Harvard Law faces Title IX inquiry
School official denies charge
The civil rights division of the US Department of Education is investigating Harvard Law School after a Boston lawyer filed a complaint with the agency alleging that school policies regarding response to sexual assault allegations violate Title IX rules against discrimination on campuses.
Wendy J. Murphy, a faculty member at the New England School of Law said yesterday in a telephone interview that she filed the complaint in September, after being hired by Harvard Law in the spring to work on a Title IX issue and finding that three policies ran afoul of federal regulations. She would not elaborate on why she was hired.
She said the most troubling violation is the school’s policy of waiting to address complaints on campus until police and prosecutors have finished investigating, a practice she called “running out the clock.’’ Murphy said criminal investigations can drag on until after victims graduate, leaving them vulnerable to retaliation from their attackers and others during the rest of their time in school.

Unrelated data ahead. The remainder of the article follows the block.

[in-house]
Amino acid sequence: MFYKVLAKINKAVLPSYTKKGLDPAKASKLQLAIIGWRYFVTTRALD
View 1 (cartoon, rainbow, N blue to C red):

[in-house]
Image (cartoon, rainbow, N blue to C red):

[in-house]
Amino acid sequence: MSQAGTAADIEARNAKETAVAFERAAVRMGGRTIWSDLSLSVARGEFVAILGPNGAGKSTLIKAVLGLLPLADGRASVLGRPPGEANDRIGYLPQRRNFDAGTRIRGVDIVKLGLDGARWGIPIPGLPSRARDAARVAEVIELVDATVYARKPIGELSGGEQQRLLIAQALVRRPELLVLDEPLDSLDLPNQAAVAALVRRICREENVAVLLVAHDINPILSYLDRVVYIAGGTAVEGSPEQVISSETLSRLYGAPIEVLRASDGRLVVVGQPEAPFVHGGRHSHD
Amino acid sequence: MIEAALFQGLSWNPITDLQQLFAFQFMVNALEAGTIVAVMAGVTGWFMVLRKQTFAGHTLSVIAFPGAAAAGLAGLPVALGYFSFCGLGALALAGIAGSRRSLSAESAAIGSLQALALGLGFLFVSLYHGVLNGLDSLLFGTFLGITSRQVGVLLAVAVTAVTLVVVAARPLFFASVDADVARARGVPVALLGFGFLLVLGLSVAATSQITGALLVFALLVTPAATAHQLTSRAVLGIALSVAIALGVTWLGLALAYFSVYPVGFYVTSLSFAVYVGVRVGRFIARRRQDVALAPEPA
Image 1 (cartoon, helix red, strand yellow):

A Harvard Law official with knowledge of the hearing process denied yesterday that administrators seek delays as a matter of policy.
The official, who spoke on the condition of anonymity because of the pending review, said campus hearings can be held before criminal investigations end, though he could not say how often that happens.
The official said the law school pays for an attorney chosen by each alleged victim to represent her or him during the disciplinary process.
But Murphy said too much evidence is required during a campus hearing to find a law student guilty of sexual assault, and that school officials do not provide alleged victims with a “clear and concise’’ timeframe for when cases will be resolved. She declined to say if she knew of any students who have been harmed by these policies.
In a statement yesterday, the school defended its record of handling allegations but did not comment on the specifics of Murphy’s complaint, citing the pending review.
“We have a responsibility to protect and maintain the safety and well-being of our students, and to offer complete support and assistance to any student who makes us aware of harm,’’ the statement said.
“That responsibility includes effective processes for ensuring a safe community and for investigating any allegation of assault expeditiously and fairly, followed by appropriate disciplinary action.’’
The Department of Education’s civil rights division did not immediately return messages seeking comment yesterday.
Murphy said the division could issue its findings by June.
She said that if a school refuses to comply with Title IX, the government could pull its federal funding, though she was unaware of any case being resolved in that manner.
Travis Andersen can be reached at email@example.com.